Published by: Ingrid King. Last Updated on: October 23, 2022 by Crystal Uys
This post was written by Jodi Ziskin
Over the past few years working with clients and providing public demonstrations and seminars focusing on holistic nutrition for our furry companions, I have discovered that many people are curious about making homemade food for their cats (cooked or raw). However, they are frustrated and confused by conflicting information from a variety of sources.
Common misconceptions about making food for cats debunked:
Making homemade food for cats is very time-consuming
It actually takes less time than driving to the pet food supply store and back – usually less than a half hour for four days worth of food. Of course, if you have more than two cats, it can take a little bit longer (but not much). Some people prefer making food in bulk (freezing in four day portions) and others prefer making fresh food daily. Personally, I am happy making food once every four days. Cooking time can be greatly reduced by using frozen organic vegetables or steaming extra veggies when preparing foods for you or the human members of your family.
Making homemade food is too expensive
If you are currently feeding your cat a premium canned food that is fit for human consumption, you may be surprised to learn that homemade is much less expensive. If you are feeding an average brand of kibble (never recommended), homemade will cost more but can potentially save you a considerable amount of money in vet bills.
Using $4.00 as the base price of hormone-free/antibiotic-free poultry and meat per pound (you can find less and more expensive), the cost of feeding homemade food for cats is roughly $1 per day, per pet. Buying meat in bulk can reduce prices considerably. Organic poultry and grass-fed meats can be more expensive, but again – buying in bulk can significantly reduce the cost. I always recommend using organic vegetables and fruits (pumpkin is considered a fruit; some cats like blueberries, too). Using frozen vegetables saves money and offers convenience, too.
An average-sized cat (9 – 12 lbs) will eat around four-to-five ounces of homemade food per day (two meals per day is recommended, three for some cats). That is much less than the recommended amount of canned food. Homemade food is nutritionally dense; therefore less food is needed to meet nutritional needs. No two cats are the same and portions will vary. The rule of thumb for portion size goes like this: serve four tablespoons of food (1/4 cup) per meal, based on two meals per day. If your cat doesn’t finish everything on his/her plate, it is too much. Next time reduce the serving size by a tablespoon. If your cat finishes everything and sort of look at you like, “Hey, I need more,” give him/her more.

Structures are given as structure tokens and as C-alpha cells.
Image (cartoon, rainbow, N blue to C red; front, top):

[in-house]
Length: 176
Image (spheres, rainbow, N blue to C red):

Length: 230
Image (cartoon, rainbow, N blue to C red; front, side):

Homemade food doesn’t provide complete nutrition
In addition to meat, vegetables, and sometimes fruits (pumpkin is awesome for cats), I emphasize adding an omega 3 oil (Nordic Naturals Omega 3 Pet is my personal preference), taurine and food-based vitamins and minerals (for proper calcium ratio and to add back what is lost during cooking). I also recommend daily use of a probiotic and digestive enzyme.
It is important to rotate proteins and vegetables to offer your cat a full spectrum of nutrients. You don’t need to go crazy – switching between two or three proteins (let’s say chicken and buffalo, or turkey, beef, and rabbit) is fine. Green vegetables can alternate between broccoli, kale, spinach, and zucchini. Use pumpkin in one batch and sweet potatoes in the next. It becomes second nature very quickly.
It is best to work with a holistic or integrative veterinarian or nutrition specialist for personalized recipes as well as supplement suggestions so that your pet’s individual needs are met.
One of the great advantages of preparing homemade foods for your cat(s) is that you have complete control over the ingredients. You can be confident that there are no artificial colors or flavors or flavor enhancers. You also know that the meats are human grade, not from diseased, dying, dead or drugged animals. You know the omega 3s are cold-pressed and aren’t rancid because you added them after cooking. You know that the vegetables are free from pesticides. You know there are no fillers or cheap ingredients like corn, wheat, barley, sorghum and soy.
Another big advantage of a real food diet for pets – low odor and much smaller stools. Because the food is full of nutrients that the body can digest, absorb and assimilate, there is less waste. Isn’t that reason enough to make the switch (wink)?
Jodi Ziskin is a Certified Pet Nutrition Consultant who also holds a Master of Science degree in Holistic Nutrition with a concentration in companion animal care. Her mission is to help cats and dogs live healthier and happier. Through her company, Healthy Pet Coach, she educates pet parents in their home environment, via Skype/Facetime or by telephone on how to make the best holistic diet and lifestyle choices for their animal companions. Jodi has been featured in articles appearing in Animal Wellness Magazine, Cat Fancy Magazine and Urban Animal (Australia). She is also a Cat Health Writer for examiner.com and a Nutrition Consultant for Lap Of Love Veterinary Hospice.
Jodi has kindly provided two sample recipes – click on the link to download: Basic Recipe for Homemade Cat Food.
For more recipes, see 9 Homemade Cat Food Recipes (Vet Approved).
Featured image credit: Unsplash
Ingrid King is an award-winning author, former veterinary hospital manager, and veterinary journalist who is passionate about cats.
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